- Published: Wednesday, 05 March 2014 09:11
- Written by Editor
With Flexcoin, yet another online bank aka wallet being hacked recently with all Bitcoin stolen, it would be easy to think that people do not understand the risks involved or indeed even care. It is quite remarkable in fact that people routinely and without a second thought entrust the electronic equivalent of a wallet stuffed with money to a complete stranger for safekeeping, without a thought for the fact it could be lost or stolen. It is only when the assets are lost or stolen that there is retrospective thought and regret.
This is typical however of most computer users who simply trust technology or services with valuable data or assets without ever considering the fact that it could be lost forever. There are countless millions of computer users who amass valuable data on their hard disks such as financial information, irreplaceable photographs, documents however, never backing up the data, assuming that the computer will always switch on and it will be there. The reality is that sooner or later the computer, often the hard disk as a mechanical device will inevitably fail, and everything not backed up will be lost.
The same lack of care and awareness currently exists amongst Bitcoin owners who seem content to dump Bitcoin in a web based wallet or exchange out of laziness or convenience, assuming it will always be there when they need it. Recent and ongoing events suggest quite the contrary however, indicating that sooner or later those Bitcoin will be lost to theft, incompetence or both.
So who is to blame - the web based service for losing the Bitcoin or the user for entrusting their Bitcoin to that service? The blame always lies with the owner of the Bitcoin because they have freedom of choice. Everyone can choose whether or not to use an web based service, if so which one, and how to secure the Bitcoin once deposited. Neglecting that responsibility and apportioning blame is not an option.
Ideally every Bitcoin user will have a local "cold storage" - offline - wallet for the vast majority of Bitcoin, using a secure wallet system such as can be implemented with Armory, only transferring residual funds to a "hot" online wallet as and when required, ensuring that the the online web based wallet is secure.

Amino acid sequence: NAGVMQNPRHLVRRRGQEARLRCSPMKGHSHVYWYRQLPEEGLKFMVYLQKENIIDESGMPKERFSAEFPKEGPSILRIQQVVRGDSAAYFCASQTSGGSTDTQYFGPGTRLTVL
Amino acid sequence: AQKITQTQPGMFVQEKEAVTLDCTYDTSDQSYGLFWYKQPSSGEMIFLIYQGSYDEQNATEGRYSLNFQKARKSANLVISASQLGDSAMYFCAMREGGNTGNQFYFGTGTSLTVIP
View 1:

The question is, what constitutes a secure web base wallet?
Ultimately no web based wallet is totally secure, because if the service as a whole is taken offline for any reason, then the Bitcoin will be lost unless the private keys have been saved securely. The only services that can fulfil these requirements are the on-blockchain wallets, notably the de-facto we based wallet service Blockchain.info. Being on-blockchain, this service is free of external interference and also allows private keys to be saved, so that the Bitcoin owner is always in control. In contrast, off-blockchain wallets are subject to external interference, hacking, and total loss of Bitcoins, because the service stores the Bitcoins in their own wallet to which only they hold the private keys and therefore have access to the Bitcoin of users. Anyone using a web based wallet such as this is asking to have their Bitcoin stolen.
Even on-blockchain web based wallet services are not completely secure because passwords can be stolen, e.g. by trojan key loggers, stolen or used without authorisation by someone trusted. So what additional security measures can be taken?
Secondary Authentication - a.k.a. Two Factor Authentication
A secondary means of authentication is becoming an absolute necessity, so what are the options?
There are a number of ways in which secondary authentication can be achieved, here are some of the most popular ones.
1. SMS Message. The system using two factor authentication sends a code by SMS to a mobile phone, which is then entered in addition to the usual password.
2. Email. The system using two factor authentication sends a code to an email address, which is then entered in addition to the usual password.
3. Google Authenticator. Google Authenticator is a dedicated second factor authorisation system for Google services, but can also be used for Bitcoin services. This software is installed on a smartphone and when running displays a code which can be used on the host site as secondary authentication to the main password.
4. Yubikey. The Yubikey This is a hardware solution which comprised a small device that plugs in to a USB port and sends one time password - OTP - in conjunction with the host service when a button on the device is pressed.
So already there are several options available for securing stored Bitcoins by requiring a secondary code.
In view of the number of account hackings, service hackings and computer trojans that use key loggers to steal passwords, in future anyone not using an offline, cold stored local wallet or online hot wallet or on-blockchain wallet, with two factor authentication is asking to have their Bitcoin stolen.
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